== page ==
“We’ve been raising the bar at McDonald’s on serving delicious food that our consumers can feel good about eating,” Darci Forrest, senior director of menu innovation at McDonald’s, said in a statement.

McDonald’s serves a lot of ice cream. The chain sold 68 million cones last year.

McDonald’s also said on Thursday that it plans to bring back its Rolo McFlurry this summer. The product, which the company offered in 2012, will be available nationwide from May 24 through Sept. 11.

Contact Jonathan Maze at jonathan.maze@penton.com

Follow him on Twitter at @jonathanmaze

Taking small bites of big data

Nation's Restaurant News - Thu, 2017-05-18 16:54

With advanced point-of-sale systems, inventory management software, and reams of information provided by loyalty program members, restaurateurs have access to mountains of data that could help them manage food costs.

But they also work long, hard hours and, even if these operators had backgrounds in data analysis, they wouldn’t have time to sort through all the information. 

By focusing on the most crucial numbers, operators can manage their most important costs without suffering from data overload, according to operators and POS service providers.

Exceptions management

Sometimes it’s difficult even to make sure that you’re paying the right price for your food, said Jeff Amoscato, vice president of supply chain and menu innovation at Shake Shack.

Even though the New York City-based chain is relatively small, with 83 units, Shake Shack works with a dozen of its main distributor’s warehouses, which don’t manage their inventory using all the same software. 

Calculating cost of goods from those distribution centers should be easy: It’s the price of the ingredients plus the distributor’s markup and shipping fees. But sometimes prices are input incorrectly, whether through malfeasance or a simple slip of the fingers, and it can be difficult to track those errors.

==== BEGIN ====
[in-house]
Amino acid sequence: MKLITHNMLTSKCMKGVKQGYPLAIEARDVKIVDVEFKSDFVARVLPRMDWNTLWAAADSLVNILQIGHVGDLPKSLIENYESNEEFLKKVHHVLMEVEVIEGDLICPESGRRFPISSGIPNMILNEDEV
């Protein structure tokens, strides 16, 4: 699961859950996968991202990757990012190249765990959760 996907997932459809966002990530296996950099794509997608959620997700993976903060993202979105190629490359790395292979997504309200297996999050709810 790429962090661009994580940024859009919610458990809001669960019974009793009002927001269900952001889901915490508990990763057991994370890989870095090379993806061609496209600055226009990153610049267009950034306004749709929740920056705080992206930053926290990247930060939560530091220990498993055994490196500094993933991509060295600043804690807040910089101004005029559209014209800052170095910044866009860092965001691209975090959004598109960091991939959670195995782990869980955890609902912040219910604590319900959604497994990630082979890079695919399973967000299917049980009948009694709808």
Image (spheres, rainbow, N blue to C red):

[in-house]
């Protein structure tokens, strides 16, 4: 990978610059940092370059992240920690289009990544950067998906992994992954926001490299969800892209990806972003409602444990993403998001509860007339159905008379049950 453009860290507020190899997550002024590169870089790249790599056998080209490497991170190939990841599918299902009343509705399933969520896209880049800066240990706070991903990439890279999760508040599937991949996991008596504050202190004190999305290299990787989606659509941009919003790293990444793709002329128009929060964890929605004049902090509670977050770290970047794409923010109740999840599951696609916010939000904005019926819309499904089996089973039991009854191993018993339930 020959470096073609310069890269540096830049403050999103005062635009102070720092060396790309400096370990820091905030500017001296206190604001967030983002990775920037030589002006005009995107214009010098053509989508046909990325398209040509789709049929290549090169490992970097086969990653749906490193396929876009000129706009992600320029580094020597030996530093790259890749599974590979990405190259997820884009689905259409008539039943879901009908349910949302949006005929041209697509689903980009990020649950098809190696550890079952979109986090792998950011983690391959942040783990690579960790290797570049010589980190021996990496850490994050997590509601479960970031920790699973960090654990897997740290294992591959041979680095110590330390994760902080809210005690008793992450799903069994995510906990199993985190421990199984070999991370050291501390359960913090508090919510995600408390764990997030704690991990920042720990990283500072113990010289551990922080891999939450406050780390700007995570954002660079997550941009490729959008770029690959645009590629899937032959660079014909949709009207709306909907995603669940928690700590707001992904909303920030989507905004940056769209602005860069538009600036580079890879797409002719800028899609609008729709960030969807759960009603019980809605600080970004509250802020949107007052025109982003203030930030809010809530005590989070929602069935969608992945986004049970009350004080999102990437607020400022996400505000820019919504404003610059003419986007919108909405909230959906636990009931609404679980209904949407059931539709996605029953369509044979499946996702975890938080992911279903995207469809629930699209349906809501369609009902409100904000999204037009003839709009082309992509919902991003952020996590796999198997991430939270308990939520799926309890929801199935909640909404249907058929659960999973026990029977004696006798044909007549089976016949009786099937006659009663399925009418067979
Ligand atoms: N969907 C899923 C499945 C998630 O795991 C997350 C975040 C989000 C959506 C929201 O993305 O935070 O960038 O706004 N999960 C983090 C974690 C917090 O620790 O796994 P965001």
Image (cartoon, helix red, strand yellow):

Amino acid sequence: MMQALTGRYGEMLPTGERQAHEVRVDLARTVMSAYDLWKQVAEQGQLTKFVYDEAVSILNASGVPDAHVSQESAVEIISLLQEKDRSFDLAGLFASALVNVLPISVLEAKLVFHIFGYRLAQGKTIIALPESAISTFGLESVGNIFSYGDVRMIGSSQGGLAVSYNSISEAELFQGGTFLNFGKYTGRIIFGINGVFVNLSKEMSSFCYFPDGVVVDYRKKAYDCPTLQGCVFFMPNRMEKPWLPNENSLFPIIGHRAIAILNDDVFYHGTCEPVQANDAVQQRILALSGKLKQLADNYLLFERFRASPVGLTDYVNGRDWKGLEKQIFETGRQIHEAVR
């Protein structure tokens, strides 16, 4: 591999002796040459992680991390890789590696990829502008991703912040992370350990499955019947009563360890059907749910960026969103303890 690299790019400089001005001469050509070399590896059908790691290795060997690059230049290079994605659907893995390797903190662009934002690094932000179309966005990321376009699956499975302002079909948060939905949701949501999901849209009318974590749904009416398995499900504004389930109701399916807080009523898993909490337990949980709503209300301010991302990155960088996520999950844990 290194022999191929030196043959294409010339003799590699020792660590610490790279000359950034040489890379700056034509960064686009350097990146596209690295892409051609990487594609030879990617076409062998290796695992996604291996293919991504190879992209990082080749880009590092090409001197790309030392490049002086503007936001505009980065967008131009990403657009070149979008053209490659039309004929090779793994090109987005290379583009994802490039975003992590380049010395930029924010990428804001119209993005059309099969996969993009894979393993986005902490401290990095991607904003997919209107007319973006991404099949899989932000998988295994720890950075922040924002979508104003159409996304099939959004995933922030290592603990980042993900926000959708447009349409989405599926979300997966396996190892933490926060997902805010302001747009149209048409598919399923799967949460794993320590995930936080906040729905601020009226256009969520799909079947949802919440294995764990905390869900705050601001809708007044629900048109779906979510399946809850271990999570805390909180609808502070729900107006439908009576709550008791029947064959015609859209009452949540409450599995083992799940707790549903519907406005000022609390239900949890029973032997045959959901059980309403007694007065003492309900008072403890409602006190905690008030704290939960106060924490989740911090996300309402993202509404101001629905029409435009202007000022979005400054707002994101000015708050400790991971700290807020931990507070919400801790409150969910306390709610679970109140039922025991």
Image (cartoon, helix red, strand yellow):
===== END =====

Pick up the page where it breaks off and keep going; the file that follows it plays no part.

“If you have 3,000 restaurants, you might not notice [the error] until 3,000 restaurants have received three or four or five deliveries at the wrong price,” said Alan Smith, vice president of client services for ArrowStream, Shake Shack’s supply chain management firm. The bureaucratic hassle, work hours, and hard feelings with the distributor that come with correcting such errors can be extreme. 

“It’s never a comfortable thing to go back to a distributor and say, ‘Hey, you owe me $12 million because the pricing was wrong’,” he said.  

Amoscato said Shake Shack began working with ArrowStream last year and started running their software this year. It gives him a single dashboard to see if the numbers make sense and that inventory needs are covered. 

“We were working off of Excel spreadsheets before and scratching down numbers, and pulling down data from our distributors’ multiple systems,” he said.

Smith of ArrowStream said that over the past few years the focus of companies like his has been less on data collection, which is already well underway, and more toward asking “how do we make it useful for the companies that are collecting the data.”

Part of that shift has been developing dashboards like Shake Shack is using, as well as using “exceptions management” to track outlying numbers that can indicate an incorrectly keyed price, or inventory numbers that are out of synch with sales.

“I always find higher value in seeing actual purchases rather than what the POS rings up,” Amoscato said, because the POS system doesn’t account for waste, theft or miscalculation of a recipe. 

“Not everything is as straightforward as, buy a bun, sell a bun,” he said, adding that, by seeing variances in purchases and sales, he can pinpoint waste, misuse or theft more quickly.

Yi Chen, vice president of product for Toast, another POS system provider, said tracking theoretical versus actual food cost can be an effective way to pinpoint areas where food theft, spoilage or over-portioning are happening.